The world we live in is obsessed with weight. Obsessed with being thin, or having an athletic build, or what everyone is eating, and when they’re eating, and are they losing weight, how did they lose weight, how can I lose weight, how can I look like that. Everything seems to revolve around weight, appearance and more often than not, losing weight and trying to look a certain way. Clearly, not everyone thinks this way but, more often then not, that is the mindset of people that are around us. And it sucks. Being a certain weight does not tell you about the health of that individual. I was unhealthy when I was underweight and I was unhealthy when I was a normal weight. The way I spoke to myself and the way I treated my body was unhealthy and horrible.
Developing an eating disorder was a protection mechanism from all the things that I thought were wrong about me and that I wanted to change. I didn’t like who I was, I thought I was unattractive, I didn’t know how to be a good friend, and the answer that I came up with was to lose weight and somehow that would make me all of the things I wanted to be. Spoiler alert – it didn’t help and I spent months and months of my life neglecting my health, making myself unhappy and unhealthy, and opening a Pandora’s box of problems that I’m still dealing with the consequences of now.
Recovering from an eating disorder was almost worse than living in the eating disorder. Having to go against not only what my head was telling me, but what everyone around me seemed to be saying and doing was so difficult, it was more of a battle than I expected. Recovery is not going to be rainbows and butterflies, it’s tears and heartbreak and set-backs and discoveries and triumphs and lows. It’s fighting a battle that most of the time you don’t know why you’re doing it or whether it’s worth it. You go to therapy and you listen to your doctor and you go through the steps and if you could do it in a bubble it would be so much easier. Because you leave the therapy room and the doctors office, and you walk into the shops down the magazine aisle, and every page is screaming ‘How to Lose Weight in 4 Easy Steps’ or ’50 Ways to a Sexier Body’ or ‘Release Fat Fast’ or ‘Ways to Get Your Bikini Body’. And you are reminded that everything you are doing is the exact opposite of what society wants you to be doing.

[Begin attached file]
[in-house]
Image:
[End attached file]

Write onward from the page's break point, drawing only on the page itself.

I’m talking from the perspective of being in recovery from anorexia, or restrictive EDNOS, but the principle is literally the same with eating disorders such as bulimia or BED. Nowhere when you look in the supermarkets are people saying ‘this is what I eat to be healthy’, ‘this is what I do to love who I am without losing weight‘, or ‘I run to see how strong my body is without wanting to change how I look‘. The concept of balance is not one that has really filtered through properly. Like sure, we all know that you should live in balance, eat all your veggies, but also have chocolate and biscuits whenever you feel like not when you have ‘earned’ them (because really, how do you earn food anyway?). But it doesn’t tend to be something you see in the media as much. It’s something I had to learn the long, hard, and convoluted way over the best part of three years. I know that there are people saying this, and there are people who are honestly and truly living a life that doesn’t revolve around weight and appearance, but when you are bombarded daily with health adverts, and articles about losing weight, and reminded that x, y, and z are fundamentally and always bad for you, they’re really hard to find.
I carry my eating disorder with me. It has shaped who I am and how I deal with situations. It has given me a perspective on life that without it I don’t know whether I would have. It has shown me that the things you do to yourself can be so much worse then the things people do to you. It lives in my head. It is mostly quiet. It whispers to me on a daily basis about things it would rather I be doing. It latches on and gets louder when things are stressful, or when I’m poorly, or when circumstances change and make me more vulnerable than usual. I don’t know whether it will ever really go away. I’m willing to bet that there comes a day when I don’t hear it. Not just I don’t listen, where I don’t even hear its voice whisper out from the dark corner of my brain it’s been banished to. What I am most grateful that my eating disorder gave to me is that I am acutely aware of how we speak about our weight and our bodies. I know how I want to speak about mine, and how I want my friends and family to speak about theirs. Your body is not you. You are not your body and you are not your weight. Being healthy, and being strong and being appreciative and in awe of what your body can do is so important. We need to shift the focus from weight towards health. Weight is not the sole indicator of health. Health looks differently on everyone. Find the joy in movement, find the love for yourself and your body to fuel it properly and appreciate what it can do and what you are able to do because of it.
Maybe I would have always developed an eating disorder, maybe I’m too much of a perfectionist, with highly nervous tendencies and a predisposition to want to control the unknown. But I do know that if I had been surrounded by messages preaching that health is not a cookie cutter image and that weight is not the defining feature of health and importance in life then getting better and working through recovery would have been easier and less foreign, and less of a battle with what seemed like every single person on the planet. We need to change the way we define health. Health does not equal weight. There is so much we need to do and it starts with the way we talk to ourselves.